Reflections from the rearview mirror.

Author:Huff, Phil
Position::INDUSTRY HISTORY
 
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An industry executive distills some essential lessons learned from a career in the mortgage industry.

Later this year, I'll be winding down my tenure as chief executive officer (CEO) of a fantastic technology company in the collateral valuation space. It's been a great four years at Platinum Data Solutions. I feel good about what my team and I have accomplished, and I know that I'm leaving the company in trusted hands. [paragraph] After selling eLynx, the electronic document delivery company I cofounded in 1994, I spent a few years with a Midwest private-equity firm as well as a non-mortgage tech firm on the West Coast. I was lucky to get those years away from the mortgage industry before I came on board at Platinum in 2012. [paragraph] The time away gave me space to gain some added perspective, and those experiences were a good antidote for the myopia that tends to develop when we spend a lot of time in any one area. It didn't take long for me to regain connection with all of the things I've always loved about this industry: its people, its idiosyncrasies, its desire to repair itself, and its boundless opportunities for innovation and goodness. [paragraph] A lot of folks have asked me what I plan to do once my time with Platinum winds down. The truth is, I don't know. When I return to work, will I return to the industry? I don't know that, either. [paragraph] What I do know is that it seems only appropriate to pay homage to the industry by passing on the lessons I learned along the way.

Remember why we're here

There's been a lot of talk lately about the future and longevity of the mortgage industry. The survival and success of our industry is reliant on the participation of current and future generations. We need to remember that. We all want meaningful work, but perhaps none as much as the current generation. If profits and blind ambition were the themes of the 1980s and 1990s, the themes of today are collaboration, doing good, and finding meaning in what we do and where we spend.

With all of the challenges our industry faces, it's easy to forget how much good and how much meaning is intrinsically woven into the fabric of our industry. At the end of the day, we're responsible for supporting the unique financial product that enables millions of people to own homes that they otherwise couldn't buy.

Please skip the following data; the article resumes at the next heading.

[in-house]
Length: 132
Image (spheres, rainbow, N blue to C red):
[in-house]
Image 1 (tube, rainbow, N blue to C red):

I think back to when I bought my first home. 1 was 22 years old and it was so much of a stretch that my Realtor[R] loaned me $2,500 to get that deal closed. It never would have happened without the trust and kindness of a stranger, and it never would have happened without access to a mortgage.

Today when I think back to that first purchase, I don't think about my mortgage. And if we do our jobs right, that's exactly the way it should be. While our jobs within the industry are paramount to us--whether we're lenders, technology vendors, outsourcers or other service providers--we should be the silent conduits. Success is when we do our jobs so well that people can forget we're part of the process.

We're facilitating a fantastic moment, particularly for first-time buyers. A mortgage isn't just financing. It's the entryway to the next stage of life.

When I think about my life in that first house, I remember building a family and those first few years of watching my kids grow in their own backyard. As members of this industry, we open the door to those experiences.

It's easy to get wrapped up in our objectives and forget about the great strides this industry has made. In truth, we are part of a grand history. Prior to the Great Depression, most mortgages required a 50 percent down payment and were amortized over five years. Today it takes considerably less to get into a home. That's the beauty of this industry. It's supported by a government that works to keep our industry aligned with the values on which this country was founded--focused on consumers, which is exactly as it should be.

If it wasn't for the efforts and foresight of our country's leaders after the Depression, the $2,500 loan I received--a monumental sum to me at that time--would not have gotten me any closer to living in that home. It was because of the government's efforts to stimulate the economy after the Great Depression that we now have programs like the Federal Housing Administration (FHA), which provide individuals and families access to affordable mortgage funds that can get them into...

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